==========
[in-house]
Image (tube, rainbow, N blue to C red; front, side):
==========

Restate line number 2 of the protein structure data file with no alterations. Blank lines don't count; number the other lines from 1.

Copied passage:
Image (tube, rainbow, N blue to C red; front, side):